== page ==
From landfill to jet fuel: the plastic panacea?

Last week British Airways announced that the world’s first sustainable aviation fuel plant will be built in Thurrock, Essex. The airline claims that 575,000 tonnes of plastic waste, otherwise destined for landfill or incineration, will be converted into 120,000 tonnes of liquid fuel each year. According to BA, that’s enough to power the annual flights from London City Airport, twice over. The concept of converting landfill waste into jet fuel sounds like something out of a science fiction film, but in fact, relies on two long-standing techniques.

Landfill to jet fuel
From landfill to jet fuel: could plastic pyrolysis reduce our reliance on fossil fuels? Photo credit: (L) David Dodge, (R) Flickr user Eddie.

So just how does it work? British Airway’s partner, the US-based biofuels firm Solena, is planning to implement a three-step process at the Thurrock plant. The first stage invokes a process called pyrolysis (derived from Greek pyro [fire] and lysis [loosening or separation]), which involves the decomposition of organic material at high temperatures. The key difference from combustion is that in pyrolysis, heating is conducted in the absence of oxygen, leading to the production of gases such as carbon monoxide, hydrogen and methane (as opposed to CO2). For plastic pyrolysis, gasification is achieved using a high temperature plasma arc at 4,000 – 5,000ºC.

Puu Oo Forest 1983
Pyrolysis can occur when lavas flows come into contact with vegetation. This photo depicts the aftermath of a fissure eruption on Kīlauea, Hawaii, in 1983. Photo credit: USGS

The second key stage in the production of biofuel harnesses a series of chemical reactions, which were first defined in the 1920s as the Fischer-Tropsch process, to transform the carbon monoxide and hydrogen gas into light hydrocarbons. A third and final step upgrades these hydrocarbons into high-grade jet fuel.

Perhaps the most exciting aspect of this technology is it that in addition to the liquid biofuel, the high temperature treatment of plastics produces enough synthetic gas to power the entire pyrolysis plant. It is, in effect, a self-sufficient exercise. The chosen site in Thurrock is a former oil refinery, thus the infrastructure for transport and storage of fuel already exists.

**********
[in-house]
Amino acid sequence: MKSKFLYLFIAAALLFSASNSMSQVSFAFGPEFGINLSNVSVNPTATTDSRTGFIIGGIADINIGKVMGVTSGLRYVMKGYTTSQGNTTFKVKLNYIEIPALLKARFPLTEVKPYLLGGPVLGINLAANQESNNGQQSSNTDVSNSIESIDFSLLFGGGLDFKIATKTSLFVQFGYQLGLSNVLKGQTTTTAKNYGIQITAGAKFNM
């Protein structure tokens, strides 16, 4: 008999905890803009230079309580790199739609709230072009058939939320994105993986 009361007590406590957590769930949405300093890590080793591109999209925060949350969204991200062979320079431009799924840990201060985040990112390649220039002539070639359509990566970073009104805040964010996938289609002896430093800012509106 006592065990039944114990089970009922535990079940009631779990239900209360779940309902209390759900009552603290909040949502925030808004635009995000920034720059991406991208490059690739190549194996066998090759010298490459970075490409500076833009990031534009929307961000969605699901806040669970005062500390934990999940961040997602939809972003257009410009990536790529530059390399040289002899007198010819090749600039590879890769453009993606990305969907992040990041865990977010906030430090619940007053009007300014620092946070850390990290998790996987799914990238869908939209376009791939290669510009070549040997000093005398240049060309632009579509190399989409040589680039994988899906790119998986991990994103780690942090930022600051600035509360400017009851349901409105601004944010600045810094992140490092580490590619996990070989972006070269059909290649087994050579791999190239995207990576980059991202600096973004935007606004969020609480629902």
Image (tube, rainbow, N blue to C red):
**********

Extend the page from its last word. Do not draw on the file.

Biochar pellets
One additional attraction of plastic pyrolysis is that the leftover carbon is stored in a stable solid residue, called ‘biochar’, which can be applied to soil to improve its structure and fertility. Photo credit: Lou Gould.

The climbing cost of landfill tax makes the construction of a plastics pyrolysis plant increasingly financially viable. In fact, British Airways has committed to purchasing the jet fuel produced by the plant for the next 11 years, a contract that equates to a total of roughly $550 million. Similar projects are planned for other countries, with American Airlines being keen to follow suit.

If all this seems too good to be true, then maybe it is. Before we all get too excited about jetting off on guilt-free long haul flights, we shouldn’t forget the first of the three Rs: Reduction.

The raw material for the pyrolysis (known as feedstock) is waste that cannot otherwise be recycled, for example plastics screenings from food recycling, contaminated paper-plastic mixes and old tyres. Production of all of these waste streams consumes vast amounts of fossil fuels and finite raw materials, and similar investment efforts should focus on trying to minimize the volumes we use in everyday life.

Furthermore, this news should not diminish attempts to reduce reliance on aviation as a method of transportation, particularly short distance flights. The type of technology detailed here could just as easily be used to produce biofuels for use in various forms of public transport. And although BA is keen to promote its green credentials by using a sustainable replacement for liquid kerosene, it should be remembered that the predicted annual usage of 120,000 tonnes of biofuel represents <2% of their annual fuel consumption.

A small step in the right direction.

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About Charly Stamper

I’m an ex-experimental petrologist.
I used to make pretend volcanoes; now I work in renewable energy

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